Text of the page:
Cookies Policy

This site uses cookies. By continuing to browse the site you are agreeing to our use of cookies.

I accept this policy

Find out more here

The french, colonization, and health care

Brill’s MyBook program is exclusively available on BrillOnline Books and Journals. Students and scholars affiliated with an institution that has purchased a Brill E-Book on the BrillOnline platform automatically have access to the MyBook option for the title(s) acquired by the Library. Brill MyBook is a print-on-demand paperback copy which is sold at a favorably uniform low price.

Access this chapter

+ Tax (if applicable)

Chapter Summary

In the characterization of French colonial activity in West Africa, the most prevalent of the imperial models engages the notions of “assimilation” and “association” as vehicles of accommodation to French control. Senegal was crucial to the cultivation of France’s West African orchard. By 1848, the intent of French colonization in West Africa was clear with the advance into the Sudan and the extension of French citizenship to the inhabitants of the towns of St. Louis, Rufisque, Goree and Dakar. French health care was severely limited in its own conceptual and curative approaches. The real significant advances in health care had only occurred by the turn of the nineteenth century. And even then, the benefits of those advances were only realized in the most halting fashion. Advances in health care during this period were tied primarily to new efforts in public health and sanitation; and not to great medical discoveries.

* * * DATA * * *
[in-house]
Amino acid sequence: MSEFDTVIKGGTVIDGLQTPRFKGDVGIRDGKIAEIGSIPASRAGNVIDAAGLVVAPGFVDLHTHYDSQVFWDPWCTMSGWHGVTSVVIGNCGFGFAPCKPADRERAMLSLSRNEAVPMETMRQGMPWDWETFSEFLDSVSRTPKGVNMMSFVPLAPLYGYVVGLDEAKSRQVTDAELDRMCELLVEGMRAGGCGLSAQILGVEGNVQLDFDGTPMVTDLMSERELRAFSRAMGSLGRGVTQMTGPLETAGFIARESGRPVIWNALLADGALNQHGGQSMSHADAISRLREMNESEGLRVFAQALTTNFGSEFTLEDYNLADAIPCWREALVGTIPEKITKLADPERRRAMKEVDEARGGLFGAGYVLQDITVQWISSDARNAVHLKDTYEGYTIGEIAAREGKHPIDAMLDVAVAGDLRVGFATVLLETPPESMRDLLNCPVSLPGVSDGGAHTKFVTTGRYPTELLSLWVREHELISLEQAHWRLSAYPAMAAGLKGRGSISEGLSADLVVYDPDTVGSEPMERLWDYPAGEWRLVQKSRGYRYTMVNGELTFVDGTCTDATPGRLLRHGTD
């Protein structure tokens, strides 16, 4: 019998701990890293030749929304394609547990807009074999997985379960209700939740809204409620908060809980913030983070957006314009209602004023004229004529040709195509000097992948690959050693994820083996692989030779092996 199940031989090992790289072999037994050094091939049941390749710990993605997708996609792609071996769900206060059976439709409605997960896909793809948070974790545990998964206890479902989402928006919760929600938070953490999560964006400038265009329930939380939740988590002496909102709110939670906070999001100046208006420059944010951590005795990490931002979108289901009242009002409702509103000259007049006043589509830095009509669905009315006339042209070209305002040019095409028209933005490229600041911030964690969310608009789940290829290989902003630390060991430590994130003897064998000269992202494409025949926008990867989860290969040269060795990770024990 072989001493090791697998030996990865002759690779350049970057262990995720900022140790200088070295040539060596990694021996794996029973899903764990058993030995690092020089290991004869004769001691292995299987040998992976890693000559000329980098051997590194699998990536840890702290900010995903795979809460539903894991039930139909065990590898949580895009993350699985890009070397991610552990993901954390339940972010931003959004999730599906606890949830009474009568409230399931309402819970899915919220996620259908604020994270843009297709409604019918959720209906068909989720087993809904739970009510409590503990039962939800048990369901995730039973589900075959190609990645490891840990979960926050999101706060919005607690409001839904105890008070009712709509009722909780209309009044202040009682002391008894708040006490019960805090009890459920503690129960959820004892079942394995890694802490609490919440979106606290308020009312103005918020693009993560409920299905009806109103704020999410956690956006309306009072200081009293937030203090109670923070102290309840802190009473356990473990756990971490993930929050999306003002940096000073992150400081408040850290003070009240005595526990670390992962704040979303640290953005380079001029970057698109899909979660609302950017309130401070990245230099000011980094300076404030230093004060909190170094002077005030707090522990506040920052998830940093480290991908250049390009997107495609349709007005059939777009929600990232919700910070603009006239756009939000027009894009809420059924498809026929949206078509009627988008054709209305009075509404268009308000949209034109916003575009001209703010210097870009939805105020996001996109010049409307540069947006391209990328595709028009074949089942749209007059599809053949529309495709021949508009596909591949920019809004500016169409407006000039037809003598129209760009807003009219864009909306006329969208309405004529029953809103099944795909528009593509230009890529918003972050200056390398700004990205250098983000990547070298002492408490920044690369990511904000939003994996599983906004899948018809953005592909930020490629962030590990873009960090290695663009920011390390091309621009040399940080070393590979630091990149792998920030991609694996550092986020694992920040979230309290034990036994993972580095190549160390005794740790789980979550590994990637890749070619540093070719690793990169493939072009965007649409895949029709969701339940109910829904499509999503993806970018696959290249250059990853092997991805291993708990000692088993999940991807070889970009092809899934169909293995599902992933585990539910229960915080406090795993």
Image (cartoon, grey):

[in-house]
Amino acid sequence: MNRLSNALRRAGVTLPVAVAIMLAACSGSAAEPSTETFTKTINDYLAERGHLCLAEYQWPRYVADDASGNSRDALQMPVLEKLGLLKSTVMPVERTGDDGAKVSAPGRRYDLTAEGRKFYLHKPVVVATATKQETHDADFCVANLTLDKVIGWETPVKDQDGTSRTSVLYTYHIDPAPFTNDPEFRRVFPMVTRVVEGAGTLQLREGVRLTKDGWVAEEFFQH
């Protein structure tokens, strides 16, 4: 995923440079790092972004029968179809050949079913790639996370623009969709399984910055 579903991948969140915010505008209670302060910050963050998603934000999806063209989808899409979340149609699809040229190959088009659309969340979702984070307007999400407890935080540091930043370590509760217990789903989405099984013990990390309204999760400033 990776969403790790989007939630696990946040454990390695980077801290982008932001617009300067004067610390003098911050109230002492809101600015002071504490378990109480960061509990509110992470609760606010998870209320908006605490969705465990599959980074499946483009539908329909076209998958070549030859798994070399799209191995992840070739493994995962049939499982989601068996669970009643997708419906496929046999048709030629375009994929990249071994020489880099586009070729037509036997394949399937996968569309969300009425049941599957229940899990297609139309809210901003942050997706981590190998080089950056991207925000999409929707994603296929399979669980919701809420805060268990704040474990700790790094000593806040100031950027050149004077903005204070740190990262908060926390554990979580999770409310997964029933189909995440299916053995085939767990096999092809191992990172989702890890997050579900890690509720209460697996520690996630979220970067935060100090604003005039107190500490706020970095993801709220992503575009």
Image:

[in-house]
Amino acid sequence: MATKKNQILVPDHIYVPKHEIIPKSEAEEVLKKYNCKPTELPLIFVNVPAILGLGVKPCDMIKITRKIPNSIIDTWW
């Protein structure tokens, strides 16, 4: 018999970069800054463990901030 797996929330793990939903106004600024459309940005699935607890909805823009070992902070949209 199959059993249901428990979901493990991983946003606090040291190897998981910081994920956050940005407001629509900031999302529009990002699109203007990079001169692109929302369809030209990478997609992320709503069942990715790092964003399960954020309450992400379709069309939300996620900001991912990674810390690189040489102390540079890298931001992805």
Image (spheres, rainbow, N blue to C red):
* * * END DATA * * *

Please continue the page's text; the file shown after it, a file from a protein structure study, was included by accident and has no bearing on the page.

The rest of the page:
Keywords: assimilation; association; French citizenship; French colonization; French health care; public health; sanitation; Senegal; Sudan; West Africa



Can't access your account?
  • Tools

  • Add to Favorites
  • Printable version
  • Email this page
  • Recommend to your library

    You must fill out fields marked with: *

    Librarian details
    Your details
    Why are you recommending this title?
    Select reason:
    A Political Economy of Health Care in Senegal — Recommend this title to your library
  • Export citations
  • Key

  • Full access
  • Open Access
  • Partial/No accessInformation